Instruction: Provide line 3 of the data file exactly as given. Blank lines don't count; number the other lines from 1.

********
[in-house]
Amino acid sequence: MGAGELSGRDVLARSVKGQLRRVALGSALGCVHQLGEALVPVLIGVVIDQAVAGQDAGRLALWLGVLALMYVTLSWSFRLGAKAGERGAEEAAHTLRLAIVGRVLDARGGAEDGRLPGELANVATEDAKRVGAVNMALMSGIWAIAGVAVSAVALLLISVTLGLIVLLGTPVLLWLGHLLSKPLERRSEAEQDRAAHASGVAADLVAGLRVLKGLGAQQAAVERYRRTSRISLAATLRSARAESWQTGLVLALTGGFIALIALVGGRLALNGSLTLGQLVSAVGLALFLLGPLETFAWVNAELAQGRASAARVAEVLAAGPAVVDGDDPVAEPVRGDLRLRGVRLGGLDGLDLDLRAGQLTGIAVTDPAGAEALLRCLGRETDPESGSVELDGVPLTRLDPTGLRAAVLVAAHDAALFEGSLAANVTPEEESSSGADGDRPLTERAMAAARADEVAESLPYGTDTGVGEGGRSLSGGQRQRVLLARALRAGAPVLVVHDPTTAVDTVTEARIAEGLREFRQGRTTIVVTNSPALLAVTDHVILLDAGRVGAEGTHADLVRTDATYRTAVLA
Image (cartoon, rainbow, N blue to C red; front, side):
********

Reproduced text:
Image (cartoon, rainbow, N blue to C red; front, side):